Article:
Unfortunately, for us, Al-Qa'ida already proved its ability before 9/11 to institutionalize similar measures in support of attacks that did not include WMD. Sources such as Steve Coll's Ghost Wars, the 9/11 Commission Report, and others show just how far Al-Qa'ida went to meet achieve its goals.
We should, therefore, approach the recent attacks in Iraq involving chlorine with a belief that we might be seeing something new and equally dangerous developing. As you might know, Al-Qa'ida leaders in Iraq remained interested over a long period to developing a chemical weapons capability. It was only through the good efforts of Jordan and our forces in Iraq that we began to see the terrorist interest more clearly. The Al-Qa'ida affiliation with these attacks and the persistence demonstrated to use chemicals in attacks, to me, reflects a dedicated effort by leaders, strong organizational learning, and maybe a tipping point of sorts for these attacks and others.
Whether dealing with local or transnational threats, we must deny terrorists any and all avenues to achieving a WMD capability. That means that a focus on the threat alone will not defeat WMD terrorism. Effective WMD terrorism risk management also includes reducing our vulnerability to WMD terrorism and establishing effective crisis and consequence management steps that limit the outcomes of a WMD terrorist attack. Effective WMD terrorism risk management means establishing the right policies and implementing those policies effectively to combat nuclear terrorism. The U.S. National Strategy for Combating Terrorism directs, as a priority mission, efforts to combat WMD terrorism.
When implementing the National Strategy for Combating Terrorism, we must in particular place emphasis on building the right partnerships to combat WMD terrorism so that the steps we take are extended far beyond the reaches of any single government or other organization and are conducted with the necessary depth and local approaches that make partnerships so effective. To manage all three elements of WMD terrorism risk, we must increase the strength of our current partnerships and establish new partnerships in ways that use the strengths of our partners and focus on gaps in our defenses.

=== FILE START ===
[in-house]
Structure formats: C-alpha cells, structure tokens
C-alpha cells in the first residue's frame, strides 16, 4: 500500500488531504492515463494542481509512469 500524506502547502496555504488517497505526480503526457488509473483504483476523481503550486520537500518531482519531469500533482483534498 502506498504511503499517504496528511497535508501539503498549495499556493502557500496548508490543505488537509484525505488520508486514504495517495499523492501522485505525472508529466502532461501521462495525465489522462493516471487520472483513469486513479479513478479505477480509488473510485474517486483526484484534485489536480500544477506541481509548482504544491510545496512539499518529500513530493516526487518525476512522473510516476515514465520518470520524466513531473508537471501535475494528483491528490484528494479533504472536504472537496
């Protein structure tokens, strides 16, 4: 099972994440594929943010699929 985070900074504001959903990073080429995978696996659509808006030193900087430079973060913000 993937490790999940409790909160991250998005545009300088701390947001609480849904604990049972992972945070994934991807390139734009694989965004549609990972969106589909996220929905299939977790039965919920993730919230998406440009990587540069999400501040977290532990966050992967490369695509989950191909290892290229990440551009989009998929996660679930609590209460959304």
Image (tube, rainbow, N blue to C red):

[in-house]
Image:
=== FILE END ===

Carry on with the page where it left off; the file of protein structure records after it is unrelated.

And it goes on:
We at the State Department see our work as rooted in partnership and partnership is the foundation of Secretary Rice's vision of Transformational diplomacy. In July last year Presidents Bush and Putin announced the Global Initiative to Combat Nuclear Terrorism. The Global Initiative is transformational diplomacy. The Initiative provides this Institute and its members another opportunity to work with a growing set of partners who are committed to combating nuclear terrorism.
All Global Initiative Partner Nations (which currently includes the United States, Russia, Australia, Canada, China, France, Germany, Greece, Italy, Japan, Kazakhstan, Morocco, Turkey, the United Kingdom, Ukraine and just today Palau) and likely several others as the Initiative is strengthened are also committed to "work with the private sector and local governments to enhance the implementation of the…Global Initiative Principles."
I hope that my remarks today provided you with some ideas on how we view our common challenge and how another step is being taken to meet that challenge with the Global Initiative. We look forward to continuing to work closely with you to combat nuclear terrorism by preventing terrorists from acquiring the materials they need to become an even greater danger to us and to others.
Released on April 18, 2007